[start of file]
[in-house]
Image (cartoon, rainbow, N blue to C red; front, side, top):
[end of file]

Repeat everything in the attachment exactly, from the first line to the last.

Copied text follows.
[in-house]
Image (cartoon, rainbow, N blue to C red; front, side, top):